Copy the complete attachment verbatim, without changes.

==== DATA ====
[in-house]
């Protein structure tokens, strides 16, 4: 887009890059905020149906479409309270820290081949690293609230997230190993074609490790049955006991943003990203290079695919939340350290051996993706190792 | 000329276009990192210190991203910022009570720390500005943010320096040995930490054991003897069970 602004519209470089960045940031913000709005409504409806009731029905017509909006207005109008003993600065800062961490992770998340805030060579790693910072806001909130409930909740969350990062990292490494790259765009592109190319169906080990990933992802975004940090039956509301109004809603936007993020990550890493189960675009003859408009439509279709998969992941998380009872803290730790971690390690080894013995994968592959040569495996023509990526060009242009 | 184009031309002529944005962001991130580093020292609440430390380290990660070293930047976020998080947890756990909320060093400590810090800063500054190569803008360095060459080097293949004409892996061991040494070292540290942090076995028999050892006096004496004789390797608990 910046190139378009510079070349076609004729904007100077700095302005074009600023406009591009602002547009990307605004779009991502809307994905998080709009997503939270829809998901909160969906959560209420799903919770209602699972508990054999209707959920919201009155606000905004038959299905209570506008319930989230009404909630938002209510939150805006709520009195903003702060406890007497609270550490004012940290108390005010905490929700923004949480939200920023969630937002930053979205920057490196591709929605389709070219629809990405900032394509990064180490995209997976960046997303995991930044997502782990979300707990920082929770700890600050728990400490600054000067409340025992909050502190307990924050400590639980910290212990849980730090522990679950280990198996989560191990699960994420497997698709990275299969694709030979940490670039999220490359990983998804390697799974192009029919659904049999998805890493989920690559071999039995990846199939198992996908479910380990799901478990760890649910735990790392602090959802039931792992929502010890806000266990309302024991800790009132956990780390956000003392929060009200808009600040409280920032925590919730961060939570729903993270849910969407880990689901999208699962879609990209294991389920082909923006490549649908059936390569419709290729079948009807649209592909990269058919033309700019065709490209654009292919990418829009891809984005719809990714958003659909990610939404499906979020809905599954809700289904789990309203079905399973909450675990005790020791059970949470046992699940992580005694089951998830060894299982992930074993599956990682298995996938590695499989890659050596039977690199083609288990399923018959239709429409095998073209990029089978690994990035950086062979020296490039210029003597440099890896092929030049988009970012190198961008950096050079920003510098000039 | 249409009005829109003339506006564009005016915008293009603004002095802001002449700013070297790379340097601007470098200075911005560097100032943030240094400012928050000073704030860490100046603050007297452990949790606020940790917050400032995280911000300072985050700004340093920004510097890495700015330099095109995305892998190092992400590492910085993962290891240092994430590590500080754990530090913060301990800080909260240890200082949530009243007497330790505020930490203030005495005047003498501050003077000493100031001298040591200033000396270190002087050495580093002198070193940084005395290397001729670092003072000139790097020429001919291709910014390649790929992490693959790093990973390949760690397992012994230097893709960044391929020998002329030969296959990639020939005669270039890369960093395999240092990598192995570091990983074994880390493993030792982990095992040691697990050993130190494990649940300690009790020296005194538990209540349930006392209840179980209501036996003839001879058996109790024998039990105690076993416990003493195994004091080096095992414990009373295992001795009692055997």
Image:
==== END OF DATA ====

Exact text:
[in-house]
């Protein structure tokens, strides 16, 4: 887009890059905020149906479409309270820290081949690293609230997230190993074609490790049955006991943003990203290079695919939340350290051996993706190792 | 000329276009990192210190991203910022009570720390500005943010320096040995930490054991003897069970 602004519209470089960045940031913000709005409504409806009731029905017509909006207005109008003993600065800062961490992770998340805030060579790693910072806001909130409930909740969350990062990292490494790259765009592109190319169906080990990933992802975004940090039956509301109004809603936007993020990550890493189960675009003859408009439509279709998969992941998380009872803290730790971690390690080894013995994968592959040569495996023509990526060009242009 | 184009031309002529944005962001991130580093020292609440430390380290990660070293930047976020998080947890756990909320060093400590810090800063500054190569803008360095060459080097293949004409892996061991040494070292540290942090076995028999050892006096004496004789390797608990 910046190139378009510079070349076609004729904007100077700095302005074009600023406009591009602002547009990307605004779009991502809307994905998080709009997503939270829809998901909160969906959560209420799903919770209602699972508990054999209707959920919201009155606000905004038959299905209570506008319930989230009404909630938002209510939150805006709520009195903003702060406890007497609270550490004012940290108390005010905490929700923004949480939200920023969630937002930053979205920057490196591709929605389709070219629809990405900032394509990064180490995209997976960046997303995991930044997502782990979300707990920082929770700890600050728990400490600054000067409340025992909050502190307990924050400590639980910290212990849980730090522990679950280990198996989560191990699960994420497997698709990275299969694709030979940490670039999220490359990983998804390697799974192009029919659904049999998805890493989920690559071999039995990846199939198992996908479910380990799901478990760890649910735990790392602090959802039931792992929502010890806000266990309302024991800790009132956990780390956000003392929060009200808009600040409280920032925590919730961060939570729903993270849910969407880990689901999208699962879609990209294991389920082909923006490549649908059936390569419709290729079948009807649209592909990269058919033309700019065709490209654009292919990418829009891809984005719809990714958003659909990610939404499906979020809905599954809700289904789990309203079905399973909450675990005790020791059970949470046992699940992580005694089951998830060894299982992930074993599956990682298995996938590695499989890659050596039977690199083609288990399923018959239709429409095998073209990029089978690994990035950086062979020296490039210029003597440099890896092929030049988009970012190198961008950096050079920003510098000039 | 249409009005829109003339506006564009005016915008293009603004002095802001002449700013070297790379340097601007470098200075911005560097100032943030240094400012928050000073704030860490100046603050007297452990949790606020940790917050400032995280911000300072985050700004340093920004510097890495700015330099095109995305892998190092992400590492910085993962290891240092994430590590500080754990530090913060301990800080909260240890200082949530009243007497330790505020930490203030005495005047003498501050003077000493100031001298040591200033000396270190002087050495580093002198070193940084005395290397001729670092003072000139790097020429001919291709910014390649790929992490693959790093990973390949760690397992012994230097893709960044391929020998002329030969296959990639020939005669270039890369960093395999240092990598192995570091990983074994880390493993030792982990095992040691697990050993130190494990649940300690009790020296005194538990209540349930006392209840179980209501036996003839001879058996109790024998039990105690076993416990003493195994004091080096095992414990009373295992001795009692055997």
Image: